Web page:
Romani Rose (1946, Heidelberg, Germany - ) is a Romani activist. He is the leading figure in the movement for Sinti and Roma civil rights. As a member of a German Sinti family that lost 13 members in concentration camps and the Holocaust Romani Rose has been politically active since the 1970s in the struggles of the minority for acknowledgement and material compensation for the wrongs they have suffered. His significant successes include the acknowledgement of the German Sinti and Roma as a national minority under the terms of the Framework Agreement on the Protection of national Minorities (Rahmenuebereinkommen zum Schutz nationaler Minderheiten) of the Council of Europe.

Since 1982, Romani Rose has held the post of Chairman of the Central Council of German Sinti and Roma, and since 1991 he has directed the Documentation-Cultural Center of the German Sinti and Roma, an institution known across Europe for presenting the first permanent exhibition on the destruction of the Sinti and Roma. Together with other representatives of minorities from the USA, Mexico, Argentina, Japan, India, Sri Lanka, France, and The Netherlands, Romani Rose is a member of the executive committee of the International Movement against Discrimination and Racism (Internationale Bewegung gegen Diskriminierung und Rassismus – IMAR), founded in Tokyo in 1988. In March 2006, the Polish government named Romani Rose to a seat on the International Auschwitz Council. (from:


“How minorities are treated is the measure of democracy and social values as well as the condition of EU membership.”

"That money cannot just be allowed to leak away, or what is even more surprising, to not be drawn on at all. The only possible interpretation in that case is that these countries do not intend to change the state of our exclusion from society."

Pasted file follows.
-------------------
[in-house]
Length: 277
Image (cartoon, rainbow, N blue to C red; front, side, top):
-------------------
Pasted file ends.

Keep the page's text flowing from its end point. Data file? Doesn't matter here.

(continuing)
"The Czech Republic, Hungary, Romania and Slovakia have never thoroughly come to grips with their shared responsibility for the crimes committed against Jewish and Roma people."

"Unfortunately, it was too late for many of the Holocaust survivors who would have loved to have been there. That generation is dying out."

"In many countries, however, a large number of Roma are exposed to massive discrimination and, in a situation that is in any event characterized by terrible deprivation, suffer more than other people by being excluded and disadvantaged. Refugee families who leave their country because of persecution and racist violence - as is happening now in Kosovo - must be given appropriate assistance, not least by the OSCE. The same holds true for the comparatively small number of people who have long been stateless. This is the only realistic policy and the only one that has a perspective.”

Thursday, March 29, 2012


On 29 March 1951 Ethel and Julius Rosenberg were covicted of espionage for revealing atomic secrets.
The entire case against them was a travesty of justice and an example of anti Semitism in the United States.

On 29 March 1971 Army Lt. William L. Calley Jr. was convicted of murdering 22 Vietnamese civilians (mostly women, children and old people) in the My Lai massacre.

The difference is that the Rosenbergs were executed while Calley spent most of his sentence under 'house arrest', until his release by the U.S. government.